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Search Engine Optimization

Is Direct Traffic Better Than Google Traffic?

Not all web traffic is equal and understanding the value of direct traffic can help online retailers hone their marketing.

“Direct traffic” is web traffic you get from people who already know about your website or store. They either click a bookmark to come to your site or type your site’s URL directly into their browser’s address bar. By comparison, “search engine traffic” comes from people that probably don’t know about your site. They were looking for a keyword or phrase and your site just showed up in the results on Google, Yahoo!, or MSN’s Live Search.

Finally, “referrer traffic” describes web visitors that follow a web link or online ad to your website.  This type of traffic and it’s value is greatly over-hyped. Generally, SEO traffic accounts for under a quarter of your visitors. Yet there’s an entire SEO industry setup to promote the value of search engine marketing, almost the the exclusion of all else.

Value Direct Traffic More Highly than Search Engine Traffic

Smart retailers would take pains to track just how much direct traffic they get and measure direct traffic conversions against search engine traffic and referrer traffic conversions. It is also helpful to follow up with customers that do know your URL. Try to learn how they heard about your site, so that you can replicate that sort of marketing and create more direct traffic visitors.

Summing Up With Five Direct Traffic Tips

Too often retailers overlook brand and direct traffic when they plan their marketing campaigns, instead focusing on search engine traffic. But, you should do more to build direct traffic, and here are five things you can do.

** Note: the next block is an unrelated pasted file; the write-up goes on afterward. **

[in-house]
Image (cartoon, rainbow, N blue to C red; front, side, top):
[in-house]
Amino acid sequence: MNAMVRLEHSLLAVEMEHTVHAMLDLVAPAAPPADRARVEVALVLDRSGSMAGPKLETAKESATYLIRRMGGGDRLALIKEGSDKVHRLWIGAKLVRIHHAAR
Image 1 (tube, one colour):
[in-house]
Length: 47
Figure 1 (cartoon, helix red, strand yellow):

1. Follow up after a sale. Great follow up and exceptional customer service can convert a one-time customer, who may have surfed to your site from a search engine, into a “direct traffic,” “brand aware” customer that will go to your site first next time.

2. Establish a newsletter. Develop a content rich newsletter that doesn’t just promote your products but also includes interesting content. It’s often the stories and human touches of your newsletter that people will remember. As an example, if you sell hiking equipment try including short stories about hiking, say a first person article about a recent trip.

3. Develop a product update RSS feed. Allow site visitors to subscribe to a product update RSS feed that provide them with price and availability information when a product they’re interested in is updated.

4. Offer services or downloads. Keep customers coming back by offering them something other than a sales transaction. For example, an online store featuring school and art supplies might offer free downloadable coloring pages that are branded with the stores logo. Parents and teachers can download the coloring pages for their students or children. And don’t ask for their name and email first. Do this after they download – You’ll get 10-20x the numbers signing up.

5. Consider traditional media channels . Nothing says brand like print advertising that shows something about your company’s values and products. Use PR to get articles written about you in reputable magazines and newspapers. It holds much more credibility than something you write on the net. Oh, how did Google get their name out there in the early days? They started with print advertising.

Related: Google drives more people to your site


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